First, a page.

Money Changers – Currency Reform from Aristotle to e-cash

    David Boyle is the editor of radical economics, the bi-monthly newspaper of top think and do-tank, The New Economics Foundation. He is also the author of Funny Money (1999) which examines complimentary currencies, and The Tyranny of Numbers (2001).

    His latest work, The Money Changers: Currency reform from Aristotle to e-cash is a supremely encouraging book. It consists of 73 bite-sized essays on the nature of money and economics, by 73 authors dating from Aristotle (350BC) to Bernard Lietaer (2001).

    Boyle gives a short introduction to each essay, which then lasts for no more than 3 or 4 pages.

    He has grouped the essays under the headings, “The failure of money”, “The trouble with money: there isn’t enough of it”, “there’s too much of it”, “it’s corrupt”. And “democratic money”, “future money”, “Create your own: real money” and “Create your own: free money”.

    It’s a handy, easily-read format which allows the reader to dip into the book casually, and get the point quickly.

    It’s exactly the sort of thing we try to do with the essays we publish in Prosperity.

    All our favourites are here, from Social Credit founder CH Douglas, to Michael Rowbotham of Grip of Death fame, to James Robertson of Creating New Money, Edgar Cahn Time Dollar man, Richard Douthwaite and a great essay by Boyle himself on “Why London needs its own currency”.

    Earlier Money Reformers such as Frederick Soddy and Silvio Gesell get a platform, as do mainstream economists like John Kenneth Galbraith and Friedrich von Hayek. George Soros even gets to speak!

    This mixture ensures the reader is exposed to a very wide spectrum of opinion. It also ensures the book is able to appeal to mainstream economists who may be exposed — perhaps for the first time — to the alternative theories.

    There’s a lot of wisdom, and a lot of powerful stuff in these 274 pages. For example, Democratic nominee for the US Presidency, William Jennings Bryan’s words of 1896 echo down through the years:

    “If they dare to come out in the open field and defend the gold standard as a good thing, we will fight them to the uttermost. Having behind us the producing masses of this nation and the world, supported by the commercial interests, the labouring interests, and the toilers everywhere, we will answer their demand for a gold standard by saying to them: You shall not press down upon the brow of labour this crown of thorns, you shall not crucify mankind upon a cross of gold.”

    In the January 2001 issue of Prosperity we examined how The Wizard of Oz story was related to Bryan’s attempt to achieve the Presidency. Boyle includes an extract from L. Frank Baum’s novel here.

    I was particularly pleased to see an extract from the Henry Ford article from the New York Times, 4 December 1921, which gave the source as The Social Creditor, May-June 1998. I remember well the time it took me to painstakingly transcribe that particular article from the original, when I was Secretary and Production Editor for the Secretariat!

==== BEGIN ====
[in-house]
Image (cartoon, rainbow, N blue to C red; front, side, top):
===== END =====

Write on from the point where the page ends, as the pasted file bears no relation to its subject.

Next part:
Of Michael Rowbotham’s, The Grip of Death, Boyle states that it “wasn’t published by one of the big publishers — yet it has had an enormous influence, and has got people discussing the design of money for the first time in half a century. The book is a sparkling piece of detailed research and logic …”

    The essays in The Money Changers can be understood by the general reader and the academic alike.

    We’re very encouraged by it and very impressed by the tremendous work coming out of the group of thinkers and doers based around the New Economics Foundation.

    For example, in the January/ February 2003 issue of radical economics, David Boyle writes:

    “How can we sustain the financial system when speculation is now more than 20 times as powerful as trade, and has more than 20 times as much financial clout — and when the people who run the system in Tokyo, London and New York have more to gain from instability than they do from stability? How can we possibly organise a reliable system of global investment when the financial underpinning — the combined reserves of all the central banks in the world — could now be overwhelmed in just a few hours of foreign exchange trading?

    “How can we create a free society when there is now less money in the economy than there is outstanding debt — in the UK, about £100 billion less? Isn’t the inevitable outcome of such a situation that the ownership of business, land and property will slip inexorably into the hands of the financial institutions, leaving people increasingly enslaved by their mortgages and credit cards?

    “Why is it that a broadly similar percentage of the population has been considered poor for getting on for two centuries? The proportion of people in poverty in London is broadly similar to what it was in the 1880s, though it was measured differently — and the proportion of national income we spend on welfare is broadly similar to what it was in the 1820s, though it was administered differently. Isn’t it possible that the reason this continuing third of the population, and third of the world’s countries, are still considered poor implies some hitherto undiscovered economic ‘law’ about money creation?”

    David Boyle is asking all the right questions.